The gift of safety

September 11, 2008 | 16 comments

When I sat glued to my television seven years ago this morning, watching the terrorist attacks of 9/11 unfold in all their horror, I recall thinking that one of the most terrifying ways to die would be to be on one of those planes. I have some fears about flying, so I couldn’t even wrap my mind around the sense of rage and injustice mixed with all-consuming dread that those poor people must have felt in their last moments. That’s about as bad as it gets, I thought.

As the anniversaries have rolled by and I’ve grown and changed since that day back when I was a single woman, I now have a new perspective. There would be something worse than to be stuck facing imminent death in one of the towers or the planes: to be stuck there with your child.

A detail of the tragedy that escaped me back when I was single was that some of the people on those flights had their children with them. Most of the people who perished that day may have had some small bit of comfort knowing that at least their loved ones were safe and sound, far away from this hellish scene. Not so for the people whose children occupied the seats next to them on the doomed flights.

I think about those parents and their children every time the subject of September 11th comes up. The sorrow that grips my heart when I think of what they experienced is beyond description. It also makes me appreciate the simple gift of safety. It’s such a fundamental part of life here in modern America that it’s one of the easiest luxuries to take for granted; but truly, it is a great luxury. For all the difficulties and chaos I might face today, there have been many parents in many times and places who would give anything to simply be as safe as I am. If only for today, I hope that I can let go of all the usual irritations and complaints, and simply bask in the comfort of knowing that at least we’re all safe and sound here in our little house.

I ask Our Lady for her prayers today, as she knows what it’s like to realize that someone is about to murder your innocent child. And for those of you who are inclined, please join me in a prayer for the repose of the souls of the victims of September 11th, especially those whose children sat next to them as the planes went down.

Requiem aeternam dona eis, Domine, et lux perpetua luceat eis. Requiescat in pace. Amen.


  1. Kathryn

    I completely agree, I sat hugging my babies while I watched the horror unfold and could only imagine the parents involved holding their own babies. It still makes me cry, every year on this date!

  2. Teri

    I will pray with you.
    And your post reminds me of how our young family watched a military flyover years ago (after 9/11) with a sense of “safety” and, of course, patriotism. Then it occurred to us that the same planes flying over children in other countries can be dreadful. I agree we enjoy a sense of safety on so many levels we can’t even appreciate fully. Even after 9/11.

  3. Joyful Days

    Amen. Amen.

    May we never forget that gift of safety is a fragile gift.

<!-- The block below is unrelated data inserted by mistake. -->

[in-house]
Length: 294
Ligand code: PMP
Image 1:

4. Christine

    Prayers are being said here. Very well written post.

    I have put myself in that plane seat, also in that building, and I cannot imagine. So sad.

  5. Kelly @ Love Well

    Amen Jennifer. My firstborn was six weeks old on 9-11. I held her and wept for about 24 hours straight. Without God as my anchor, I believe I would still be adrift on an ocean of fear.

  6. Diva Mom Vicki

    Excellent post and a perspective I hadn’t thought of either, as my oldest was born after 9-11-01.

    I have faith in HIS infinite love and mercy that all of those children are in Mary’s arms now.

  7. Barb

    Those thoughts haunted me in those days too….I already had children. Since then, I’ve only flown once with my children and it was all I could think about the whole time we were in the air.
    Prayers going up with yours.

  8. Michelle

    You’re right on. I worked with children at a school back then. I remember sitting in a staff meeting discussing emergency plans that included the neighborhood bomb shelter. I thank God every day for my son and his safety. My prayers are with all the families who lost someone on 9/11.

  9. Shelly

    my mouth dropped as the Gospel was read this morning: “love thy enemies” – uhhh, wow!

  10. Ouiz

    The day it happened, I was on my knees in front of the TV, holding my 3 yr old, my 1 1/2 yr old (and 8 mths pregnant with my 3rd).

    Since then, I have often found myself thinking about the people on those planes. I have put myself in their shoes and sobbed. I have fought down panic just thinking of their last moments, and how would *I* go into eternity with my children — what would I say to them that could help us all face it together?

    Dear God, may we never, ever have to face something as terrifying as that.. and thank You for the safety we have today.

  11. Courageous Grace

    Oh dear. I read this too late in the day. George is already asleep and I can’t pick him up and hug him or it will take hours to get him back to sleep again.

    Thank you for sharing a perspective I didn’t think about.

  12. Flexo